16.11.2014 - 20.11.2014 0 °C
Oslo surprised me in three ways. It was daylight for a lot longer than I had expected, with twilight starting at about 2:30 in the afternoon. It was warmer than I'd expected - while the temperature was stuck at around zero for the few days I was there, it was not unpleasant - I even spent a few minutes outside in jandals and t-shirt one evening. It was also a lot smaller than I expected - it has a big harbour, with the old castle at its head: the CBD occupies just a few blocks behind it. Of course, the city itself sprawls on, but whichever direction I walked in, it didn't take long before the buildings were predominantly residential, although most had small shops, cafes or bars at street level. The buildings have a formal, semi-classical beauty to them.
One thing that didn't surprise me was the cost: I knew it would be horrendous - $8 coffees (and not that great), $11 standard beers, meals too scary to even think about. My first night in town, the prices at the pubs I saw had me scuttling in to the local equivalent of McDonalds for a happy meal. Wasn't bad, actually. My one posh dinner was my last night - I'd been so frugal that I was left with a pocketful of krones I had to spend, so I went into an Eataly for pasta and beer - hardly haute cuisine. Luckily my hostel provided a great breakfast as part of the deal, so I'd start out with a pile of toast, cheese and various meats in open sandwiches, oranges, watermelon and it would see me through to dinner. One consequence is that I never experienced an authentic Norwegian dinner. The hostel was pretty good, large and semi-deserted: I had the dorm to myself for a couple of the nights I was there. Even so, one evening I managed to get stuck in a corner with a weird and really boring Australian who I just could not shake off for about half an hour, no matter how pointedly I might address myself to my laptop.
My hostel was about 100 metres or less from the Akershus Castle, which has been there since 1299, when a local nobleman started attacking Oslo, although it was more commonly attacked by the Swedes. The only time the Norwegians have lost possession was during World War II, when the Norwegians evacuated Oslo. Unlike most castles, the grounds are open to the public to go in and wander around without fee - when I did so, it seemed to make the various castles I was reading about in the second Game of Thrones book more real.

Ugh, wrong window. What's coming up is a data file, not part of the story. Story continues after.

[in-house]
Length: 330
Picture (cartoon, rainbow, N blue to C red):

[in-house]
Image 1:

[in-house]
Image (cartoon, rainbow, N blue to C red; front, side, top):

As I exercised my right as a member of the public to wander around Akershus Castle, I was quite surprised at how spacious and pleasant the grounds were, but then I suppose the entire populace might find itself cooped up in here in a time of siege. Although not much happens there now - some state visits and the like, a guard is maintained.
The Norwegian Parliament (the Stortinget) is right in the middle of the city - you go up Karl Johans Gate past some shops, hotels, the National Theatre (which had a very formal looking cafe next door) and find yourself at the Royal Palace.
On the way is some of the campus of the University of Oslo - humanities and law are here, and a seperate building for the law library. I went in and did some work there, but it had an odd feature - they paid no attention to my going in, I could connect to the internet and pluck books from the shelves at will but when it came time to use the toilet, then I needed a security card. Nature being what it is, my time in the building was somewhat limited. I was far happier in the State library of Norway - the outside of the building was a bit grim and not much to look at, and the inside didn't have a lot going on either, but it was a good space to work in, the toilets were not behind a security door and there were a couple of decent cafes just up the street (one refused to accept cash for my coffee! card only).
On the way up, I enjoyed walking past the City Hall, which had a line of sculptures outside of men (I don.t recall any women) pursuing a variety of trades and vocations, then I'd come across Alfred Nobel and the Norwegian branch of his institute. There were a couple of signs which struck my eye - kiwi is not a Norwegian word, yet it is the brand name for a chain of convenience stores - and then there is the delightful sign I saw for a fitness place.
Next post - a couple of art institutions I enjoyed in Oslo - one is sort of R18, although it is very public.